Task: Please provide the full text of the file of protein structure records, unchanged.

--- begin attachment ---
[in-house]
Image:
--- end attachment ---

[in-house]
Image: